Influence of Indian Music on Jazz

Jazz and Indian classical music—two of the great musical idioms of the world—at first would seem to have little in common. Indian music, with roots going back thousands of years, developed in the courts and temples of India, and now is performed in concert halls around the world.

Jazz, with its diverse beginnings in jam sessions, the black church, night clubs, and even brothels, was forged in the cauldron of 20th century segregated America in such places as New Orleans, Kansas City, and New York, and is now heard as well in concert halls around the world.

Yet when one examines them closely, we see just how much these musics have in common as modes of human expression, paths for spiritual advancement, and in the realm of pure music itself. We then can see just how much Indian music has influenced jazz, and will continue to do so on many levels.

Indian music’s influence on jazz is pervasive and longstanding. Its beauty, grace, and unique melodic phrasing has inspired musicians for decades, and its exciting rhythmic language has given percussionists, instrumentalists, and even vocalists new resources upon which they have drawn. Its philosophical underpinnings have allowed many musicians to deepen the spiritual aspect of their music. For many jazz musicians the influences have been personal, at times abstract; informing their musical choices, but not always in a manner overtly apparent to the listener. For a few however, the influence is so strong, it is immediately apparent at every level of their music.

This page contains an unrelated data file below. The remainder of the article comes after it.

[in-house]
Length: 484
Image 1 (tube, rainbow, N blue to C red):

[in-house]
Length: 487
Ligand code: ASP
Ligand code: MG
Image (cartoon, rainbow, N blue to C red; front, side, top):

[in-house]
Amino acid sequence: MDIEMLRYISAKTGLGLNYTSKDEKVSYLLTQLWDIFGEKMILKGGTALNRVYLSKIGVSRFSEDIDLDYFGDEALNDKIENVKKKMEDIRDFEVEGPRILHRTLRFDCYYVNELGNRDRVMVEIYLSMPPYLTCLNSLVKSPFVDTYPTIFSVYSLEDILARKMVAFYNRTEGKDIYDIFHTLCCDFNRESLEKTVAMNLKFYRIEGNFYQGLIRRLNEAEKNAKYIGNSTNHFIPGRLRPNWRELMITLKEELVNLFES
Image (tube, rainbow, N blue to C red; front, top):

In my opinion, among major jazz artists most directly influenced by Indian music, the two best known are saxophonist John Coltrane, and guitarist John McLaughlin. Two different generations—Coltrane the grand master steeped in be-bop and traditional jazz, eventually defining the avant-garde and transcending the idiom itself. McLaughlin, a jazz innovator who embraced electricity and Rock, and spearheaded what became known as the Jazz-Fusion movement. Both are consummate virtuosos hugely influenced by Indian music, and both opened the door for others to follow.

Coltrane was influenced mainly by Hindustani music—he befriended Ravi Shankar, and even named his own son Ravi. Coltrane’s famous quartet with pianist McCoy Tyner, bassist Jimmy Garrison, and drummer Elvin Jones—one of the most influential jazz groups of all time—explored the extended modal improvisations and time frame found in Shankar’s music.

McLaughlin’s influence has been mainly Carnatic, as is evidenced by his groundbreaking electric group The Mahavishnu Orchestra, and his later acoustic group, Shakti. This group included Carnatic violinist L. Shankar, tabla player Zakir Hussain, mridangam player R. Raghavan, and ghatam player T. H. “Vikku” Vinayakram. Though Shakti also had Hindustani elements due to the presence of Zakir Hussein, the great sarodist Ali Akbar Khan expressed his view to me in 1975, that “McLaughlin’s style is more South Indian.” (Ali Akbar Khan was considering performing with him at that time.)


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